Joseph V. Micallef is a best-selling military history and world affairs author, and keynote speaker.
Two events in the last month have underscored the growing reach of Iranian influence in the Middle East. The first was the abrupt and unexpected resignation of Lebanese Prime Minister, later rescinded, Saad Rafik al-Hariri.
The second was the announcement that Fatah, which controls the Palestinian Authority and the territory on the West Bank, would share administrative jurisdiction with the Hamas controlled government in Gaza. Both events, seemingly unrelated, underscore a new phase in Tehran's growing Middle Eastern clout.
Hariri's Resignation Destabilizes Lebanon
On November 4, 2017, Lebanese Prime Minister Hariri announced, via Saudi TV, that he intended to step down. At the time, he was on an official state visit to Riyadh. Hariri cited the growing power of Iran in the Middle East, in general, and the increasing influence of Hezbollah, an Iranian funded proxy, in Lebanese affairs as reasons for his resignation.
He also cited fears for his personal safety. Hariri's father, Rafic Hariri, was assassinated in 2005, in what is widely believed to have been a Hezbollah orchestrated attack.
His resignation announcement precipitated a political crisis in Lebanon, which many saw as a deliberate Saudi attempt to isolate Tehran and underscore Hezbollah's, and by extension Iran's, growing influence in the country. Hezbollah, a militant Shia Islamist political organization based in Lebanon that was organized by Iran in 1985, has been funded by Tehran since its inception.
The group's political arm, Loyalty to the Resistance, is the third largest political party in the Lebanese parliament. The group, along with Amal (Hope Movement), another Lebanese political party associated with the Shiite community, dominates the March 8 Alliance, which currently holds power in Lebanon.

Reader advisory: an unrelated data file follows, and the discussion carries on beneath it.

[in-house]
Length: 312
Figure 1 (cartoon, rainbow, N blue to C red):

The alliance has 24 of the alliance's 63 parliamentary seats. The balance of 65 seats is held by a smattering of other parties, including 59 seats by the March 14 alliance -- the official opposition. Hezbollah holds two of the thirty cabinet seats in the Lebanese government.
Hezbollah's paramilitary wing is the Jihad Council. Originally set up by a contingent of 1,500 troops from the Iranian Revolutionary Guard, the group has long clashed with Israeli forces along the Lebanon border. In 2006, Israel and Hezbollah fought a full-scale war that saw Hezbollah fire thousands of short-range missiles into Israeli territory and led to the capture of several Israeli soldiers.
Additionally, Hezbollah fighters continue to be deployed in Syria in support of the Assad government in Damascus. The group has been branded a terrorist organization by the United States and its allies.
It's unclear what specific events triggered Hariri's resignation, although it was widely believed to have been in response to Hezbollah's possible attempts to increase the number of cabinet seats it controls in the Lebanese government.